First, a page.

SmartPhone discovery is heavily dependent on experts. What steps need to be done to ensure no data is lost? What are the best collection strategies? Can there be a targeted collection on BYOD devices? If not, how can data be reviewed?
Brad and Russ also discussed the following hypothetical, giving great insight on how to approach mobile forensics:
Executive at start-up uses personal cell phone for work. Receives work email and personal. Executive is an active texter, who communicates with her family by text and business partners.
Executive is sitting at a stoplight when sideswiped by another car. Other driver is at fault. She takes photos of the damaged cars. One is texted to her husband that she is ok, followed by an email from her personal account to her insurance agent with a photo of the damage. Executive also emails business partners to say she was hit by a car and will not be in the office.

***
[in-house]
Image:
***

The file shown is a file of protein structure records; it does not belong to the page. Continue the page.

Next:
What is your collection strategy to only acquire data relevant to the accident? How would you not collect company confidential information? How would you collect potentially privileged data protected by the spousal communication privilege?
Josh Gilliland is a California attorney who focuses his practice on eDiscovery. Josh is the co-creator of The Legal Geeks, which has made the ABA Journal Top Blawg 100 Blawg from 2013 to 2016, the Web 100 from 2017 to 2018, and was nominated for Best Podcast for the 2015 Geekie Awards. Josh has presented at legal conferences and comic book conventions across the United States. He also ties a mean bow tie.